A large number of modifications and/or alterations in this structure as specifically described can be made without departing from the spirit of the invention, and accordingly, the foregoing description of but one embodiment is to be considered as purely exemplary and not in a limiting sense, and the actual scope of the invention is to be indicated only by reference to the appended claims.

What is claimed is:

l. A retractable extension cord unit which comprises a housing formed by first and second relatively rotatable members, said first member having an opening therethrough, I

an electrical connector in said second member.

an extension cord electrically connected to said electrical connector within said housing and extending therefrom through said opening,

means automatically operative in response to relative rotation of said two housing members in one direction to wind said cord within said housing and in the opposite direction to permit unwinding of said cord through said opening,

said automatic winding means including a centerpost connected to said second member and rotatively engaging a'center opening in said first member to maintain the aligned relation of said members but enabling the relative rotation thereof, and

cord holding means including a member on said second housing member adjacent said centerpost to form a slot dimensioned for the releasable pressed holding of said extension cord. I

2. A retractable extension cord unit which comprises a housing formed by first and second relatively rotatable members, said first member having an opening therethrough,

an electrical connector in said second member,

an extension cord electrically connected to said electrical connector within said housing and extending therefrom through said opening, and

means automatically operative in response to relative rotation of said two housing members in one direction to wind said cord within said housing and in the opposite direction to permit unwinding of said cord through said opening,

said housing members each having the form of generally shallow cylindrical cups of like diameters arranged in edgewise-abutting relation to form said housing,

said cup-shaped housing members being formed of resilient plastic and the respective edges thereof having recesses and protuberances capable of registering interengagement to resiliently hold said members against relative rotation.

Patent Citations
Cited PatentFiling datePublication dateApplicantTitle
US914772 *May 29, 1908Mar 9, 1909Leroy A WilliamsonPortable electric-light fixture.
US1730104 *Oct 16, 1928Oct 1, 1929Wheat William GElectrical extension conductor and reel
US2007699 *Aug 17, 1933Jul 9, 1935Robert P WiebkingReel
US2070561 *Oct 8, 1934Feb 16, 1937Cantor Jacob JLamp supporting and cord extension reel
US2801303 *Jan 19, 1953Jul 30, 1957Pailing Grace NCord reel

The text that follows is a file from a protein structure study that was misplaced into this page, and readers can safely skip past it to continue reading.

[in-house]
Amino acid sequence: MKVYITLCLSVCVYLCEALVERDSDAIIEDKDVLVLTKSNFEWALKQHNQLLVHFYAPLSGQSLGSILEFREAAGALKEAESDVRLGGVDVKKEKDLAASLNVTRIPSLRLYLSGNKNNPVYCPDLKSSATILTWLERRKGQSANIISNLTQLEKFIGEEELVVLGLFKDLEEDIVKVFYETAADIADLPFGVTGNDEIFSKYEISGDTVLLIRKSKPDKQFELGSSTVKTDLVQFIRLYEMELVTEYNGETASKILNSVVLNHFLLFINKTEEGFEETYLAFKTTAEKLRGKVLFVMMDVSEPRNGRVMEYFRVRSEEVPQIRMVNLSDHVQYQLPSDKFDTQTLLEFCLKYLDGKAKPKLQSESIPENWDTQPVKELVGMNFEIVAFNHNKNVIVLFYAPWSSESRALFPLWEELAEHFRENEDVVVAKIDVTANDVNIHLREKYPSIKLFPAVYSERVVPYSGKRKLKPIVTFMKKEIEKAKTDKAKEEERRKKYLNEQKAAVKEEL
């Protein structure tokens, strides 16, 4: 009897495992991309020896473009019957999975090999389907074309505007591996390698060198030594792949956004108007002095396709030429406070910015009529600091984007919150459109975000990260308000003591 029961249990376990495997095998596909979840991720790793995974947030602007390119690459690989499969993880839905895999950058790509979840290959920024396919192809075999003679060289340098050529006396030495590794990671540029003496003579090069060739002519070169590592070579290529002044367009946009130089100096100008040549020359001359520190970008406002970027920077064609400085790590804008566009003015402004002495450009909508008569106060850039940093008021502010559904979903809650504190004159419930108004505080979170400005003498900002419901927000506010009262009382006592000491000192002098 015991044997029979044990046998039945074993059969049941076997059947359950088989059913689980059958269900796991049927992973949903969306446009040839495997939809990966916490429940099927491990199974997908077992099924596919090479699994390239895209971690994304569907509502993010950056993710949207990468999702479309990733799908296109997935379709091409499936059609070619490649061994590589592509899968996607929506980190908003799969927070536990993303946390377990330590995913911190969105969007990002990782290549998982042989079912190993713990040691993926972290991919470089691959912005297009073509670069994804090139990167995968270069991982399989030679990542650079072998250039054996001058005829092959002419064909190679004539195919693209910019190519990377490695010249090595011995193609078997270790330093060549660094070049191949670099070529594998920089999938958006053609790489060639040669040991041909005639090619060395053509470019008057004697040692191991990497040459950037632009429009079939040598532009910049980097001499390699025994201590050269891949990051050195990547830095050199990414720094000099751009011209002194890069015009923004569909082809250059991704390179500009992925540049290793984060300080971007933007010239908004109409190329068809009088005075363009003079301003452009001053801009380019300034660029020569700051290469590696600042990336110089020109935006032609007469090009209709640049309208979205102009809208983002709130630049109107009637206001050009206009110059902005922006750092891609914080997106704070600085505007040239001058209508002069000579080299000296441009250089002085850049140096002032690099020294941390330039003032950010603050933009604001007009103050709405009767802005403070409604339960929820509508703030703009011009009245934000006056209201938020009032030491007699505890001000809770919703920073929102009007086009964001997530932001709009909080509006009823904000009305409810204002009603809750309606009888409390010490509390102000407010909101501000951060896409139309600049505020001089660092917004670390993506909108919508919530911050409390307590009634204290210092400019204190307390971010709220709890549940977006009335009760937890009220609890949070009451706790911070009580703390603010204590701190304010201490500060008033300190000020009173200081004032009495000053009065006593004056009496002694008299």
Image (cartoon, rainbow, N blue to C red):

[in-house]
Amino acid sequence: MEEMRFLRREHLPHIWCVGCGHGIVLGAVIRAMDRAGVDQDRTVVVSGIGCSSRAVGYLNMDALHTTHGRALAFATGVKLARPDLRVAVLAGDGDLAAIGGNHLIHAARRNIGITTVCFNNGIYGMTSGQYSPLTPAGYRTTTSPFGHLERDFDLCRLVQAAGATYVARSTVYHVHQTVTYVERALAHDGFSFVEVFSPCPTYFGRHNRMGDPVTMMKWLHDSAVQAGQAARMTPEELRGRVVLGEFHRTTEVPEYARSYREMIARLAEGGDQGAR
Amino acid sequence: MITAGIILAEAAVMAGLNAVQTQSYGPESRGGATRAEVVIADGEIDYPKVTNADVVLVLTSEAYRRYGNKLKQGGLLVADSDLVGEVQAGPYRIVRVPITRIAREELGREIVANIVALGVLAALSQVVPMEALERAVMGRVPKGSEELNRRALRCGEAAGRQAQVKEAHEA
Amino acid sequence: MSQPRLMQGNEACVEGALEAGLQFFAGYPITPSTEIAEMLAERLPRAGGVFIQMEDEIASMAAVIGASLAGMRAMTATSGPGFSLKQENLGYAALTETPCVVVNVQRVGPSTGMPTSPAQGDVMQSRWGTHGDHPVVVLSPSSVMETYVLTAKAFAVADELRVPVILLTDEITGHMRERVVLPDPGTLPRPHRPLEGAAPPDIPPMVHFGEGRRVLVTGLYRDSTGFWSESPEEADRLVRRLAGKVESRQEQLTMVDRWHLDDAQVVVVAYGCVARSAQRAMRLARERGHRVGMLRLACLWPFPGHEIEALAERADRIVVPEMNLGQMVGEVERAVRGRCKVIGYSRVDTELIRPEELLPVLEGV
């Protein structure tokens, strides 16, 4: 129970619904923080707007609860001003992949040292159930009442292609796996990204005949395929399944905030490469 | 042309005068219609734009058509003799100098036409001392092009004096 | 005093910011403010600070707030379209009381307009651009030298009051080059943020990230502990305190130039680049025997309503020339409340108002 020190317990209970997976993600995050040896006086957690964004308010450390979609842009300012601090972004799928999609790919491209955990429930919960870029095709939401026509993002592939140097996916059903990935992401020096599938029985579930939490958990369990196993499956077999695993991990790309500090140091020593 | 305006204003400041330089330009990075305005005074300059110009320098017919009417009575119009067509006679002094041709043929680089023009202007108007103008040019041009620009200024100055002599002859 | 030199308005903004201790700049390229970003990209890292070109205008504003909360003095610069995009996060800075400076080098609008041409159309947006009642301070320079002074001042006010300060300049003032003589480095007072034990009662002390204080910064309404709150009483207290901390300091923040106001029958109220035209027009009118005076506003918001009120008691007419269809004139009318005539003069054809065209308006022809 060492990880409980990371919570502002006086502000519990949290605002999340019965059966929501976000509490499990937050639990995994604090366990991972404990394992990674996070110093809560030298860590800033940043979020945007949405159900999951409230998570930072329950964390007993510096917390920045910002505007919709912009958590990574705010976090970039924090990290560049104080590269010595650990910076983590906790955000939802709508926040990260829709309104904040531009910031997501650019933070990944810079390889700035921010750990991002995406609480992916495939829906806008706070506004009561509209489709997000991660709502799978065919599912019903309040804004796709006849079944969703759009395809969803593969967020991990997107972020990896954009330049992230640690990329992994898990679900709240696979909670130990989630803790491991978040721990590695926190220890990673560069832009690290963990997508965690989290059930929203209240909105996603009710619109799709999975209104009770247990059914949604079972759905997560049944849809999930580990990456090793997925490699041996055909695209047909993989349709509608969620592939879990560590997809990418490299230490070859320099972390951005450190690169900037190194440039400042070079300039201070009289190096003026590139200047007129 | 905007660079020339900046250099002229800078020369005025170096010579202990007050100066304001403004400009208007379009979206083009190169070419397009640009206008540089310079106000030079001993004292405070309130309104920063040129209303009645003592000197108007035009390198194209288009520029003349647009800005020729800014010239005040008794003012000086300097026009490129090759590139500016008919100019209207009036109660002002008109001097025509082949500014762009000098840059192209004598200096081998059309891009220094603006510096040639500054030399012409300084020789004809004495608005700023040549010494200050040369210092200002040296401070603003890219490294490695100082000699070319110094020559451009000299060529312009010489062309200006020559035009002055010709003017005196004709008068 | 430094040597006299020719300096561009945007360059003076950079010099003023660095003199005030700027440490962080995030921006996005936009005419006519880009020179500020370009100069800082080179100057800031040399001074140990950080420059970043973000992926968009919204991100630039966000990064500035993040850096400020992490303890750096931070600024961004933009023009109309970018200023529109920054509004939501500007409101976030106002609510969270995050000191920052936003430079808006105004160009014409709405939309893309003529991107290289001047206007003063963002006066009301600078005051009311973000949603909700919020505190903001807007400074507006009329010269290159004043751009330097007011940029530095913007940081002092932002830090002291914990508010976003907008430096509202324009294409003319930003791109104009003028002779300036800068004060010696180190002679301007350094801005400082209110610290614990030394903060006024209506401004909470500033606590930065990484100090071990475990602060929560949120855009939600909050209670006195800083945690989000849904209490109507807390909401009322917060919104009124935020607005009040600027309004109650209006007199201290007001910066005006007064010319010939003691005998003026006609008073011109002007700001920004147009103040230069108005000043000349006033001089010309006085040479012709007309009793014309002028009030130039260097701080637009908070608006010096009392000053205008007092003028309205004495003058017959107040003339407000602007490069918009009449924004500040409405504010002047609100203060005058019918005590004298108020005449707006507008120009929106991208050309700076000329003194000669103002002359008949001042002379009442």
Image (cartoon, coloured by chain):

US2856470 *Jul 20, 1956Oct 14, 1958Hyde Stanley RExtension cord assembly
US2976374 *Feb 17, 1958Mar 21, 1961Poulsen Ralph EExtension cord reel
US2979576 *Dec 20, 1957Apr 11, 1961Huber John ACord reel for electrical appliances
US3056863 *Nov 16, 1959Oct 2, 1962Johnson Jess AAppliance cord reel
DD23986A * Title not available
Referenced by
Citing PatentFiling datePublication dateApplicantTitle
US3892369 *Feb 11, 1974Jul 1, 1975Eugene FujawaTape dispenser releasably securable to a supporting surface
US4442984 *Mar 19, 1982Apr 17, 1984Bijan BayatElectric cord reel
US4940859 *Jul 24, 1989Jul 10, 1990Daniel PetersonTelephone cord take-up reel assembly
US5129828 *Apr 15, 1991Jul 14, 1992Bass Chauncie LRewind trailer light connector
US5236371 *Oct 23, 1992Aug 17, 1993Matthis Jack DWall-mounted electrical power supply
US5521806 *Mar 16, 1994May 28, 1996Donnelly CorporationVehicle utility/emergency light assembly
US5562488 *Mar 1, 1995Oct 8, 1996Neiser; GabeModular outlet assembly
US5670989 *May 5, 1995Sep 23, 1997Owen; David B.Communications auxiliary module
US5679925 *Aug 26, 1996Oct 21, 1997Dilley; Glen R.Home electrical outlet/retractable extension cord
US5700158 *Mar 6, 1996Dec 23, 1997Neiser; GabeCord-reel assembly mounted within a wall
US5701981 *Mar 13, 1996Dec 30, 1997Marshall; TrevorRetractable power cord
US5841069 *Nov 6, 1996Nov 24, 1998Yazaki CorporationC-shaped relay apparatus between relative rotary materials
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US6087587 *May 8, 1998Jul 11, 2000Gonzalez; SeanElectrical outlet box with extendable connector
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US6452108 *Oct 26, 1998Sep 17, 2002Major Enterprises LimitedCable housing device
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US7967694 *May 27, 2005Jun 28, 2011Voden Justin LRotary game table
US8398499Jun 13, 2011Mar 19, 2013Triumph Sports Usa, Inc.Rotary game table
US8740627Nov 29, 2012Jun 3, 2014Dean RosenblumPower outlet extension systems and methods
Classifications
U.S. Classification439/501, D08/358, 174/135, 191/12.4
International ClassificationH02G11/02, H02G11/00
Cooperative ClassificationH02G11/02
European ClassificationH02G11/02